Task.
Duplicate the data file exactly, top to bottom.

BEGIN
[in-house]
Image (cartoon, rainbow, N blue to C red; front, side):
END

[in-house]
Image (cartoon, rainbow, N blue to C red; front, side):